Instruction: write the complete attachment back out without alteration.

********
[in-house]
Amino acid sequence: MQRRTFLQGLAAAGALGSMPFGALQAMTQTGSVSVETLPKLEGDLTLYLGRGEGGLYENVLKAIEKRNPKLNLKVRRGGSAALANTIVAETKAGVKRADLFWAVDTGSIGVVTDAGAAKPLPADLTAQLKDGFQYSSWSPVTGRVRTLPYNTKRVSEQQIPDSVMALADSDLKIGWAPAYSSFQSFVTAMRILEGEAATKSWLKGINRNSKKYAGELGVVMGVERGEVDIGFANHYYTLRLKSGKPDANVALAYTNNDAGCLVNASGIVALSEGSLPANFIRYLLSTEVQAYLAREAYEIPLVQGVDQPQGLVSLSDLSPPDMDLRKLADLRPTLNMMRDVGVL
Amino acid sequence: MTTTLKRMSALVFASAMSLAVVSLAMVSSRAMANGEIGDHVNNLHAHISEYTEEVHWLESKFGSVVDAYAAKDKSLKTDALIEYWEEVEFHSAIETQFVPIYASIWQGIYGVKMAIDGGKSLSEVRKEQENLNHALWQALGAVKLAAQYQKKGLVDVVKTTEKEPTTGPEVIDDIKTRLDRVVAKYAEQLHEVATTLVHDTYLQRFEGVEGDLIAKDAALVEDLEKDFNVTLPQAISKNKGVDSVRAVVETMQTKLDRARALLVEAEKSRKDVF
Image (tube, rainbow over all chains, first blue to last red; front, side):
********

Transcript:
[in-house]
Amino acid sequence: MQRRTFLQGLAAAGALGSMPFGALQAMTQTGSVSVETLPKLEGDLTLYLGRGEGGLYENVLKAIEKRNPKLNLKVRRGGSAALANTIVAETKAGVKRADLFWAVDTGSIGVVTDAGAAKPLPADLTAQLKDGFQYSSWSPVTGRVRTLPYNTKRVSEQQIPDSVMALADSDLKIGWAPAYSSFQSFVTAMRILEGEAATKSWLKGINRNSKKYAGELGVVMGVERGEVDIGFANHYYTLRLKSGKPDANVALAYTNNDAGCLVNASGIVALSEGSLPANFIRYLLSTEVQAYLAREAYEIPLVQGVDQPQGLVSLSDLSPPDMDLRKLADLRPTLNMMRDVGVL
Amino acid sequence: MTTTLKRMSALVFASAMSLAVVSLAMVSSRAMANGEIGDHVNNLHAHISEYTEEVHWLESKFGSVVDAYAAKDKSLKTDALIEYWEEVEFHSAIETQFVPIYASIWQGIYGVKMAIDGGKSLSEVRKEQENLNHALWQALGAVKLAAQYQKKGLVDVVKTTEKEPTTGPEVIDDIKTRLDRVVAKYAEQLHEVATTLVHDTYLQRFEGVEGDLIAKDAALVEDLEKDFNVTLPQAISKNKGVDSVRAVVETMQTKLDRARALLVEAEKSRKDVF
Image (tube, rainbow over all chains, first blue to last red; front, side):